Don’t stop the presses: Print museum in search of new home

Volunteers at the Penrith Museum of Printing. Photo: Melinda Jane.
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For the last 21 years the Penrith Museum of Printing has been educating people about the printing press and passing on a historical trade.

With the site it currently sits on at the Penrith Paceway now being acquired by the NSW Government, the museum is looking for a new home to secure its future.

The museum was founded in 2001 by Alan Connell after he saved equipment that was used at the Nepean Times, a weekly newspaper that was printed from 1882 to 1962 and is steeped in Penrith history.

President Bob Lockley said the group of volunteers that are ex-print tradesman have received great community support over the years.

“The Paceway have been absolutely fantastic and let us build a shed there to house us and have not charged us rent as we don’t get government assistance,” Mr Lockley told the Weekender.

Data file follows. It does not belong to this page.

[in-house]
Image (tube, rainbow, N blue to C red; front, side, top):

Regular tours are held at the museum to showcase the history of print. Photo: Melinda Jane.

“We are the only operating print museum in Australia I believe, and we have equipment from the 1840s through to the 1960s that is all operational. Visitors call in, we do tours and run courses on letterpress printing.”

The government planning to build a new stadium on the site in the heart of Penrith has thrown a spanner in the works for the historical and educational facility.

“We knew we might need to move in coming years, but we spent $130,000 we received from industry contacts three years ago to expand on the belief we wouldn’t be going anywhere soon,” he said.

“We now need to find a new home quickly and we are afraid that if we have nowhere to go the equipment will have to be broken up and scrapped and the trade and history will be lost forever.”

The not-for-profit organisation is putting a call out to see if there are any leads that can assist them in relocating.

“We can’t fund a rental but we can pay for things like power and insurance from our fees, so we just need space somewhere to set up and then there would be no other costs to whoever supports us,” Mr Lockley said.

The museum showcases the history of print. Photo: Melinda Jane.

“We are looking for around 600 square metres and are open to looking at every avenue, but we do want to stay in the Penrith area because of the historical connection and fact that there is a great hub of museums here.

“While it doesn’t appeal to everyone our passionate members do a great job making the tours humorous and the people visiting learn a lot.”

Anyone with suggestions on where the museum could go can contact [email protected] or 0415 625 573.

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